Thursday, May 04, 2006

Sun and moon and Bach's Tomb

I haven't posted lately because I've been too busy at work - which is where I have access to the Internet. So I apologise that I'm only now posting a review of a concert I attended on Saturday evening.

This was a concert given by a choir called Helios, directed by Mark Sproson, at St Giles Cripplegate. The starting point for the music sung was Sproson's fortieth birthday, and included music from each of the five decades in which he's lived. An elegant conceit, and one which yielded some interesting pieces: these included Howells' sublime Take him, earth, for cherishing, written in the 1960s; Beckmann's lovely setting of Larkin's poem, The North Ship, for choir and saxophone; Cage's Ear for EAR, with five singers scattered around the church; and the best-received piece (which, ironically, was the only one not sung), Reich's Clapping Music. Judith Bingham, who attended the concert and gave a talk before the music began (which I missed, because of arriving too late) was represented by two pieces, Bach's Tomb and Lacrymosa. Unfortunately, the latter was spoiled by having to be abandoned partway through due to the saxophonist having a problem with his lip (don't ask me!).

All the pieces were very well sung by a small, flexible choir - possibly the weakest number was Sproson's own Sinatra Suite (an arrangement of Come Fly With Me, They Can't Take That Away From Me and Mack the Knife). This is a perennial problem for good classical chamber choirs - they always seem to struggle with the "lighter" numbers.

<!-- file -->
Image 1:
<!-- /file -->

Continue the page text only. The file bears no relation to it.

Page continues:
Although I hadn't heard the pieces before (Take him, earth, for cherishing being the only exception), I liked most of them enough to want to seek out recordings (if there are any), particularly of the Beckmann and Bingham numbers. What I found most fascinating, however, was Reich's Clapping Music. It's a very simple concept, like most minimalistic music, though its effects are not. Two performers clap out a twelve-quaver rhythm. Then, while one keeps clapping the same rhythm continuously, the other keeps on starting the rhythm one quaver earlier on each repetition. The effect, as each performer goes out of phase, and the rhythms beat against each other like zapateado, is very exciting, both to watch the intense concentration on each performer's face, and to hear the effects in an acoustic like St Giles.



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